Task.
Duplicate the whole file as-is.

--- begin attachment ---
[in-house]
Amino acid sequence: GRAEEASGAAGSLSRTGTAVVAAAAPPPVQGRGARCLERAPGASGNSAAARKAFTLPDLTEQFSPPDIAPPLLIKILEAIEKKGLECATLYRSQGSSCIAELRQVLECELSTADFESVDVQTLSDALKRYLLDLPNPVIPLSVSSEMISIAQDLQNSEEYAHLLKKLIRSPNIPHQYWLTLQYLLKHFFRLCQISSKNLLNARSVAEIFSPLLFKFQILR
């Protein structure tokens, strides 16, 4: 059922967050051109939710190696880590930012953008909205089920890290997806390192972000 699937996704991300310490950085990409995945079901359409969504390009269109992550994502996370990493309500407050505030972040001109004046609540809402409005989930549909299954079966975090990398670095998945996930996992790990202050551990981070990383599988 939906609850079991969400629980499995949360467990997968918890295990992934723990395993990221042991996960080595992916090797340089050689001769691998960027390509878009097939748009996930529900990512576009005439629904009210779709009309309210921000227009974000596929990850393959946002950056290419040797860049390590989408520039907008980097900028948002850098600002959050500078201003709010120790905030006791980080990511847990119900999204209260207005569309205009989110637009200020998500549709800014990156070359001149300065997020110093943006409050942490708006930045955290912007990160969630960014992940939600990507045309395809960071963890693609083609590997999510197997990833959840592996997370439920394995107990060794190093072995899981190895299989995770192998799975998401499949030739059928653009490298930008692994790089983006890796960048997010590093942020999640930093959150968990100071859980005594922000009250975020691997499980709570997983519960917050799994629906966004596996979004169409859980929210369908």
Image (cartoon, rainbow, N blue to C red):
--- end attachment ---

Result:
[in-house]
Amino acid sequence: GRAEEASGAAGSLSRTGTAVVAAAAPPPVQGRGARCLERAPGASGNSAAARKAFTLPDLTEQFSPPDIAPPLLIKILEAIEKKGLECATLYRSQGSSCIAELRQVLECELSTADFESVDVQTLSDALKRYLLDLPNPVIPLSVSSEMISIAQDLQNSEEYAHLLKKLIRSPNIPHQYWLTLQYLLKHFFRLCQISSKNLLNARSVAEIFSPLLFKFQILR
């Protein structure tokens, strides 16, 4: 059922967050051109939710190696880590930012953008909205089920890290997806390192972000 699937996704991300310490950085990409995945079901359409969504390009269109992550994502996370990493309500407050505030972040001109004046609540809402409005989930549909299954079966975090990398670095998945996930996992790990202050551990981070990383599988 939906609850079991969400629980499995949360467990997968918890295990992934723990395993990221042991996960080595992916090797340089050689001769691998960027390509878009097939748009996930529900990512576009005439629904009210779709009309309210921000227009974000596929990850393959946002950056290419040797860049390590989408520039907008980097900028948002850098600002959050500078201003709010120790905030006791980080990511847990119900999204209260207005569309205009989110637009200020998500549709800014990156070359001149300065997020110093943006409050942490708006930045955290912007990160969630960014992940939600990507045309395809960071963890693609083609590997999510197997990833959840592996997370439920394995107990060794190093072995899981190895299989995770192998799975998401499949030739059928653009490298930008692994790089983006890796960048997010590093942020999640930093959150968990100071859980005594922000009250975020691997499980709570997983519960917050799994629906966004596996979004169409859980929210369908």
Image (cartoon, rainbow, N blue to C red):